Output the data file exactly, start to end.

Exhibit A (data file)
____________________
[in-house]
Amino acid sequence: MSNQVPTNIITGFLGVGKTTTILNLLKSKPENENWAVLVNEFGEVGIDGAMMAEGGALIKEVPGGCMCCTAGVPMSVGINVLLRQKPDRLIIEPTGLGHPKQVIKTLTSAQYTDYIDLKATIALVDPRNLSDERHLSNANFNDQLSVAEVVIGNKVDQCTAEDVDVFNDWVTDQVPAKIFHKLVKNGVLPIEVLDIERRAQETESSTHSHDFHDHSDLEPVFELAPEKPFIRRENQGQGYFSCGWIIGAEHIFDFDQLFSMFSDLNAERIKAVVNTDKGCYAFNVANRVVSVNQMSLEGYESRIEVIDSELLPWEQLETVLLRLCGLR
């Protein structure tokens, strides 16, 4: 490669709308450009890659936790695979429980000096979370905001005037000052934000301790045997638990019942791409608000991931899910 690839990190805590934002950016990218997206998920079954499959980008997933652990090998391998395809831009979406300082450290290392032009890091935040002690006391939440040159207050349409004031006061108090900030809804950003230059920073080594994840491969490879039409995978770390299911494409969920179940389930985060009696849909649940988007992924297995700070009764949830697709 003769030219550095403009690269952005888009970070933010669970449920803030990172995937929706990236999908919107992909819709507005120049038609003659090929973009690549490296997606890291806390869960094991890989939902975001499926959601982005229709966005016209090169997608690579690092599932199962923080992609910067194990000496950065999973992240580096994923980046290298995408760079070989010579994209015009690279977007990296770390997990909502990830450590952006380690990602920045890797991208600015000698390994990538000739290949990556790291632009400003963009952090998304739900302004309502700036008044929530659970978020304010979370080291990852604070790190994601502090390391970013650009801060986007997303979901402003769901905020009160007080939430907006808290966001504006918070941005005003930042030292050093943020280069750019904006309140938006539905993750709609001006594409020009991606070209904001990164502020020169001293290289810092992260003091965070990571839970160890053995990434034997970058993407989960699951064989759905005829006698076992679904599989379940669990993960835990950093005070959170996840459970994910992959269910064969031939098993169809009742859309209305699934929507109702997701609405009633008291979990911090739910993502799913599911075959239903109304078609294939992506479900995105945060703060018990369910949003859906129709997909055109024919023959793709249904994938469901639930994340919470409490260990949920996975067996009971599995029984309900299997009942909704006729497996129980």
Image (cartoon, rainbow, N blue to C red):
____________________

[in-house]
Amino acid sequence: MSNQVPTNIITGFLGVGKTTTILNLLKSKPENENWAVLVNEFGEVGIDGAMMAEGGALIKEVPGGCMCCTAGVPMSVGINVLLRQKPDRLIIEPTGLGHPKQVIKTLTSAQYTDYIDLKATIALVDPRNLSDERHLSNANFNDQLSVAEVVIGNKVDQCTAEDVDVFNDWVTDQVPAKIFHKLVKNGVLPIEVLDIERRAQETESSTHSHDFHDHSDLEPVFELAPEKPFIRRENQGQGYFSCGWIIGAEHIFDFDQLFSMFSDLNAERIKAVVNTDKGCYAFNVANRVVSVNQMSLEGYESRIEVIDSELLPWEQLETVLLRLCGLR
């Protein structure tokens, strides 16, 4: 490669709308450009890659936790695979429980000096979370905001005037000052934000301790045997638990019942791409608000991931899910 690839990190805590934002950016990218997206998920079954499959980008997933652990090998391998395809831009979406300082450290290392032009890091935040002690006391939440040159207050349409004031006061108090900030809804950003230059920073080594994840491969490879039409995978770390299911494409969920179940389930985060009696849909649940988007992924297995700070009764949830697709 003769030219550095403009690269952005888009970070933010669970449920803030990172995937929706990236999908919107992909819709507005120049038609003659090929973009690549490296997606890291806390869960094991890989939902975001499926959601982005229709966005016209090169997608690579690092599932199962923080992609910067194990000496950065999973992240580096994923980046290298995408760079070989010579994209015009690279977007990296770390997990909502990830450590952006380690990602920045890797991208600015000698390994990538000739290949990556790291632009400003963009952090998304739900302004309502700036008044929530659970978020304010979370080291990852604070790190994601502090390391970013650009801060986007997303979901402003769901905020009160007080939430907006808290966001504006918070941005005003930042030292050093943020280069750019904006309140938006539905993750709609001006594409020009991606070209904001990164502020020169001293290289810092992260003091965070990571839970160890053995990434034997970058993407989960699951064989759905005829006698076992679904599989379940669990993960835990950093005070959170996840459970994910992959269910064969031939098993169809009742859309209305699934929507109702997701609405009633008291979990911090739910993502799913599911075959239903109304078609294939992506479900995105945060703060018990369910949003859906129709997909055109024919023959793709249904994938469901639930994340919470409490260990949920996975067996009971599995029984309900299997009942909704006729497996129980």
Image (cartoon, rainbow, N blue to C red):